Tucson organization launches new campaign to raise awareness of childhood hunger

Tucson organization launches new campaign to raise awareness of childhood hunger
Published: Jun. 19, 2023 at 7:30 PM MST|Updated: Jun. 19, 2023 at 7:50 PM MST
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TUCSON, Ariz. (13 News) - Steven Cota-Robles, the founder and executive director of the Tucson Family Food Project, tackles several objectives to help the 46,000 children facing hunger in Tucson.

The organization aims to not only address lack of access to food immediately, but to teach kids long term skills like cooking and shopping for healthy foods.

Cota-Robles recently announced the launch of a new social media campaign, “Feed the Kids,” aimed to increase awareness of childhood hunger across Tucson.

“I was thinking of a way to make our mission very digestible for the public,” said Cota-Robles. “And I was like what is the simplest way I can put this out to the public that everyone will understand, so we came up with this term called Feed the Kids.”

Currently, the Tucson Family Food Project provides meal kits and educational training videos to more than 100 middle school students.

“We’re noticing in these kids that they’re excited to be in the kitchen. It’s a really exciting place for them, they can be creative, and it builds their confidence,” he says.

With the launch of the Feed the Kids campaign, Cota-Robles hopes to increase the number of students served. Next year, kits will be given to students at Safford K-8, but Cota-Robles hopes to connect with all schools in the area.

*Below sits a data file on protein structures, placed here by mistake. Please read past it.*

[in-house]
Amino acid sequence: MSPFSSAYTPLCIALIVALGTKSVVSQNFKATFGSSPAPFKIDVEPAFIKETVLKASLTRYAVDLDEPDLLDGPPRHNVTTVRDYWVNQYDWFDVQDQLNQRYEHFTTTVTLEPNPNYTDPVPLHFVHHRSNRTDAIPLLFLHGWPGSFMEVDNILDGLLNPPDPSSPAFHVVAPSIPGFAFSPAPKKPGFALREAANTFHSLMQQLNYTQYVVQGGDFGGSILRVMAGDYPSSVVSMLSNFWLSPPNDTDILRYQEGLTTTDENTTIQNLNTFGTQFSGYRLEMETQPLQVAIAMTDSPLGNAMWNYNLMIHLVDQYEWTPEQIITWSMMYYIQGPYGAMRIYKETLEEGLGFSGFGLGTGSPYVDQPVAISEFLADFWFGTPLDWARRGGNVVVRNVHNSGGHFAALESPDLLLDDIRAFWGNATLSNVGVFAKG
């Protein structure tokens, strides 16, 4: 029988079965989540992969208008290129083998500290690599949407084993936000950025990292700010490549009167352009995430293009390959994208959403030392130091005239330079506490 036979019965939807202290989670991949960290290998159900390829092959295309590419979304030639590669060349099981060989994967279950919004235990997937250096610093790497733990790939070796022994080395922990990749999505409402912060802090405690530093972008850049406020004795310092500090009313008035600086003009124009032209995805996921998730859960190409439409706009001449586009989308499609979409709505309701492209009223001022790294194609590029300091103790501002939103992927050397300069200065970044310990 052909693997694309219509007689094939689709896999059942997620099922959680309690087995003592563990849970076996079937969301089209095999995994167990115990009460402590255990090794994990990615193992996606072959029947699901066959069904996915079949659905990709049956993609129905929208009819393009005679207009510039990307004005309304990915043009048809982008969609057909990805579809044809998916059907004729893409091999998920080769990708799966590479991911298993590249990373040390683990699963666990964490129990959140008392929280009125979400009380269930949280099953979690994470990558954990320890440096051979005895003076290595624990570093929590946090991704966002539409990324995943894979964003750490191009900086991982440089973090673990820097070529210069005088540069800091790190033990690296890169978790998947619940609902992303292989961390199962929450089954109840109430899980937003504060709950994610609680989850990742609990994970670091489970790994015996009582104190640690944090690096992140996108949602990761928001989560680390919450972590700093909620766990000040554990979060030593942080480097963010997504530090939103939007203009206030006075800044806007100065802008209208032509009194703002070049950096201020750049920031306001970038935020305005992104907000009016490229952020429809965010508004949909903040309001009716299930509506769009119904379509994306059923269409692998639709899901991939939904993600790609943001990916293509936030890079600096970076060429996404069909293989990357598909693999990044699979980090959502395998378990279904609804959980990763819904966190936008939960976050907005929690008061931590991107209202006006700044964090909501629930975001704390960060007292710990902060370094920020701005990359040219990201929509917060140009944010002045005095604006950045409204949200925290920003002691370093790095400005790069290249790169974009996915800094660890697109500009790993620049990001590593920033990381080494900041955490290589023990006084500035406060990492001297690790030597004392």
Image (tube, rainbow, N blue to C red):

The campaign isn’t an independent project. Organizations like the Tucson Roadrunners, and Chef Maria Mazon from BOCA are collaborating on this project to help spread the word and mission of the Tucson Family Food Project.

“Tucson is this very unique town, in that yes, we’re a big city but we’re a small town, in a lot of the ways you know the same people, you see the same people out,” started Cota-Robles. “So our goal in partnering with these businesses, that through their outreach, they’re reaching parts of the city that we may not.”

For Steven, however, the start of the project was a risk. Selling his home to get funding, Cota-Robles had no idea where the journey will take him. But he says it was a risk worth taking.

“When I initially sold my house to start this, the idea was I really hope it works. I told my brother and sister I might need a sofa to crash on if this doesn’t work. Well the mentality has changed, as now that we finished our first full year, we can see the results in the students; we’re hearing from the parents and we’re hearing it from the teachers.”

“We’ve gone from ‘wow, I really hope this works,’ to no, we know it works. And we need to grow it, because it really is helping people and impacting kids lives.”

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